After a half-century of preaching and personal ministry, Richard Bowman delivers his final regular sermons Sunday at Berea Church of Christ.
“Brother Richard has been a faithful minister here since 1991,” said Berea spokesperson Jeff Tittsworth. “He’s not only a minister but a member of the family,” the church leader affirmed.
The community at large is invited to a come-and-go reception for Bowman and his wife, Brenda, in the church’s fellowship hall at 8143 Francis Ferry Road, just south of the landmark Shrock’s Store building, Sunday, 2-4 p.m. The widely known and respected minister preaches his farewell sermons at 11 a.m. and 6 p.m.
The Berea congregation has been serving the faithful of northern Warren County since its founding in the early 1890s. On an average Sunday morning, some 55 worshippers are present for the service.
Bowman preached his first Sunday morning sermon in 1967 when he was invited to fill in for the ailing minister at Iconium Church of Christ in neighboring Cannon County. At that time the Bowman couple regularly attended nearby Leoni Church of Christ, where Jack Reed was the regular pulpit minister.
As an appointed preacher, Bowman served the Bluff Springs congregation for 21 years and later the Berea church for another 31. During those tenures he baptized an estimated 50 people at each of the congregations, he remembered. Along the way he was an interim preacher at Mt Leo Church of Christ for a short time.
In an interview with The Southern Standard he said among the greatest rewards in his career was seeing people surrender their lives to Jesus Christ and living as faithful Christians.
“I’ve been very surprised at some of those who did obey the gospel and those who didn’t,” he recalled. “Every now an then you would think someone would never become a member of the church and then they surprised you.”
The retiring preacher remembered one man he assumed was just sitting through the services from week to week and giving no serious attention to the preaching.
“Then one Sunday morning he came down the aisle. I’m happy to say he lived as strong, faithful member ever since.”
Like the vast majority of Christian houses of worship, Church of Christ congregations have seen declining attendance and aging worshippers. Among the most intense challenges for contemporary Christianity is winning the minds and souls of a distracted, disengaged population, and especially the youth.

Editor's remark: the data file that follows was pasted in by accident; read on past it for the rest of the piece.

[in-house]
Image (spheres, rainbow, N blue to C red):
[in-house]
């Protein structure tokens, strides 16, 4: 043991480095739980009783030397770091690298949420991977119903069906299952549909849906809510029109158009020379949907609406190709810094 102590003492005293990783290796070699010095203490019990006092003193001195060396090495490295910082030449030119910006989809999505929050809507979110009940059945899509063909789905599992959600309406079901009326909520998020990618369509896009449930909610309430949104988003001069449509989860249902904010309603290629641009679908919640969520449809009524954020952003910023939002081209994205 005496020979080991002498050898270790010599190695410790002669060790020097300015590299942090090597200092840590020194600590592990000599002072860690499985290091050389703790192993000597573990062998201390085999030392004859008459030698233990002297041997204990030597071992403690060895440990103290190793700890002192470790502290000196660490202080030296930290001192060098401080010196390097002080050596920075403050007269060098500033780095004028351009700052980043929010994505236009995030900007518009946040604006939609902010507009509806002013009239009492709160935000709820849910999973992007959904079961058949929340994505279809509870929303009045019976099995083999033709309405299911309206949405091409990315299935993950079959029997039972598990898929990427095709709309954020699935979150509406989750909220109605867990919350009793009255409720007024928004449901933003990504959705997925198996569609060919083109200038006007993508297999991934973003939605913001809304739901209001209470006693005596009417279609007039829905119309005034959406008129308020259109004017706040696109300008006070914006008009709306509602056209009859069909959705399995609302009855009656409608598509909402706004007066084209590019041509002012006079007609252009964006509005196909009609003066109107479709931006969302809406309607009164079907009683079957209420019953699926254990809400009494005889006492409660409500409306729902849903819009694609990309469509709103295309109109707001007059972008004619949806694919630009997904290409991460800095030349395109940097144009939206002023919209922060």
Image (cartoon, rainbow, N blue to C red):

“I really believe the philosophy of the world has permeated young minds in the church,” Bowman reflected, citing undisciplined children “running in and out of the [worship service] and up and down the aisles” as an example. But at least those children are inside the church building. A vastly larger number remains elsewhere, playing video games and immersing themselves in other forms of entertainment.
“It’s all about entertainment now….It’s really hard for ministers and youth ministers to get and hold their attention,” the veteran preacher lamented. “Kids are playing ball and doing other activities. The church can’t entertain the kids like the world can.
“The ball parks are full and the churches are half-empty.”
But in times of personal crisis and hardship, people are often more sensitive and responsive to the call of the gospel message, Bowman observed. “People who trust in the Lord are happy, while others are always looking for something from the world.”
As he prepares gently to enter retirement from fulltime ministry, Bowman is thankful for the kindness and support of the Berea church family. “They have been way better to me than I deserved,” he concluded.